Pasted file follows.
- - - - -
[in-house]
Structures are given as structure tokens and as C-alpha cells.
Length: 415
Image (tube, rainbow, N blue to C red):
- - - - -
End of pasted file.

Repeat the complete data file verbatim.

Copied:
[in-house]
Structures are given as structure tokens and as C-alpha cells.
Length: 415
Image (tube, rainbow, N blue to C red):